Tuesday 21 November 2017

Norwich boss Neil denies Robbie Brady move to Premier League is imminent

Robbie Brady’s. Photo: Stephen Pond/Getty Images
Robbie Brady’s. Photo: Stephen Pond/Getty Images
Daniel McDonnell

Daniel McDonnell

Norwich City boss Alex Neil insists that the clubs chasing Robbie Brady are nowhere near a deal for Ireland's Euro 2016 star.

But Sunderland are prepared to match Burnley's interest in the Dubliner by making an initial offer with a view to winning the race for his signature before the close of the transfer window. Leicester and Crystal Palace are the other sides in the equation at this point.

Norwich want £12m for the 25-year-old and the suggestion is that his current admirers will only reach that figure with add-ons as opposed to the straight fee.

Neil is ready to include Brady in tonight's FA Cup tie with Southampton even though that will leave him cup-tied, but his suitors are more likely to be concerned about his league availability.

After suffering back-to-back relegations with Hull and Norwich, it's possible that he will be thrust into another battle with the drop. Neil says that he's a Norwich player for now.

"There's obviously been teams interested in Robbie but we're not anywhere near a deal with anybody," he said.

"I'm not going to go into the nuts and bolts of it but the point of it is there's no deal for Robbie Brady anywhere near done. That's what I'd say and you can pick the bones out of that whatever way you like."

Neil has sold left full Martin Olsson to Swansea but has spoken of bringing in an extra body in that department - the position where he has frequently used Brady.

The likelihood is that discussions over the player's next destination will be dragged out with Norwich conscious they can perhaps drive a harder bargain just before the window closes.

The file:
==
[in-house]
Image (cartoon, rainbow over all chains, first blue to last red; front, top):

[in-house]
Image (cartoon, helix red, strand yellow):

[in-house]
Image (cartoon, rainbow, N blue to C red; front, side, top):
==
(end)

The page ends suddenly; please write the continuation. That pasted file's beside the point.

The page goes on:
James McCarthy is the other Irish international in the news with Sunderland keen to follow up on interest that was reported over the weekend, yet Ronald Koeman is under no pressure to make a decision on the midfielder's future this month.

McCarthy was introduced as a sub in the weekend thrashing of Manchester City with new signing Morgan Schneiderlin coming straight into the team.

In-form Barnsley midfielder Conor Hourihane is out of contract in the summer and Sheffield Wednesday are trying to put pressure on their Yorkshire rivals to sell up now instead of losing the Corkman for nothing. Aston Villa are also keen.

Hourihane (below) will be hoping to be in Martin O'Neill's plans for March's crucial World Cup qualifier with Wales.

GettyImag (19).jpg
Conor Hourihane of Barnsley. Photo: Getty Images

Travelling fans are unhappy at the number of places of available to them in Dublin, though, after learning that they will receive 3,300 tickets for the match.

Vince Alm of fans group FSF Cymru said he was 'outraged' with a return that is around 6pc of the Aviva Stadium capacity. Alm expected that 10pc would be available.

The FAI have managed to secure 3,500 berths for the November return in the Cardiff City Stadium which is actually marginally more than 10pc of that venue's capacity.

Abbotstown officials are slightly perplexed by the Welsh fury given that the figures were agreed in a meeting with their Welsh counterparts.

In the Euro 2016 campaign, the FAI enraged Irish fans when a number of regulars missed out on tickets for the Scotland away trip in Glasgow. At the time, they were unhappy with the Scots for only offering 5pc to away supporters.

Meanwhile, the FAI have refused to comment on the outcome of Monday's meeting between the association, barrister Michael Cush and members of the Premier Clubs Alliance (PCA) about the future direction of the League of Ireland.

Plans to introduce a 10-team league from 2018 - which means three teams go down from this year's top flight in addition to just one coming up from the First Division - have caused consternation.

But league clubs have split views over a move that was approved by the FAI board and there is no expectation the decision will be reversed before the season starts in February.

Irish Independent

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